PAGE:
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Evaluating websites edit

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  • 1. Evaluating Websites
  • 2. It can be confusing
    • There are billions of websites available
    • Many of them are not worth your time and have no place in your bibliographies
    • Sometimes it’s hard to tell the good from the bad
      • Often, people will try very hard to make their website look good when it isn’t
    • It’s your job as a researcher to look for quality
  • 3. Think of CARDS
    • C redibility/Authority
    • A ccuracy
    • R eliability
    • D ate
    • S ources Behind the Text
  • 4. Credibility/Authority
    • Who is the author?
  • 5. But What If I Can’t Find Any Author Information?
    • Look for credibility clues!
      • Words and phrases to look for:
        • About Us, Who Am I, FAQs, For More, Company Information, Profiles, Our Staff, Home
  • 6. Find the URL root
    • The URL is the internet site’s web address
    • Delete characters in the address line up to the next slash mark to see if a main page offers more information about who is responsible for publishing the page you are interested in.
    • Go from
      • http://www.statecollege.edu/history/middleages/chaucer/smith.htm
      • http://www.statecollege.edu/history/middleages/chaucer
      • http://www.statecollege.edu/history/middleages
      • http://www.statecollege.edu/history
      • http://www.statecollege.edu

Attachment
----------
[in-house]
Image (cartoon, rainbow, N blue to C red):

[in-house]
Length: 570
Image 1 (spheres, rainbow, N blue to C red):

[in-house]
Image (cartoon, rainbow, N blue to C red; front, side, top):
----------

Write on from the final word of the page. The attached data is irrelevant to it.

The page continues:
• 7. Accuracy
  • 8. Reliability
    • Understanding bias is important .
  • 9. Date
  • 10. Sources Behind the Text
    • Did the author document his or her sources?
      • Did the author use reliable, credible sources?
      • Where are those sources from? Popular, scholarly?
    • What kind of links did the author choose?
      • Are the hyperlinks reliable, valuable? Do the links work?
  • 11. URLs as a Clue to Content
    • .com
      • Commercial site (vary in their credibility)
    • .gov
      • U.S. government site
    • .org
      • Organization, often non-profit. Some have strong bias and agendas.
    • .edu
      • School or university site (Is it k-12? By a student? By a scholar?)
    • .net
      • Networked service provider. Internet administrative site.
    • .name
      • Individual internet user
    • .biz
      • A business
    • ~
      • Personal site
  • 12. What Do These URLs Reveal About These Sites?
    • http://personal.statecollege.edu/~ejv114/
    • http://www.fi.edu/wright/index.html
    • http://www.house.gov/house/Legproc.html
    • http://aolmembers.com/joyciev328/civalwarsong
  • 13. Remember, the Web is Not Your Only Choice!
    • Did you use print resources?
    • Did you search subscription databases?
  • 14. Why Should You Care About All This?
    • http:// zapatopi.net/treeoctopus/
    • Evaluation is ridiculously important. It isn’t just about the internet.
    • Just as you evaluate your sources, your teacher will evaluate your work based on the quality of the sources you select.
    • Evaluate carefully. Don’t settle for good enough! You can find better!
    • Evaluation is important! Be picky!
  • 15. In Class Assignment
    • Working collaboratively, find a website that supports your research topic.
    • Fill out your Evaluating a Website worksheet for your chosen website. Fill out as much information as possible. You will be handing this in.
  • 16. Works Cited
    • Beck, Susan. “Evaluation Criteria.” The Good, the Bad & the Ugly: Or, Why It’s a Good Idea to Evaluate Web Sources . 3 Apr. 2008. NMSU Lib. 20 Oct. 2008 <http://lib.nmsu.edu/‌instruction/‌evalcrit.html>.
    • Valenza, Joyce. “Is That Site Good Enough to Cite?” Springfield Township School District . 20 Oct. 2008 <http://www.sdst.org/‌shs/‌library/‌powerpoint/‌evaluation.ppt>.

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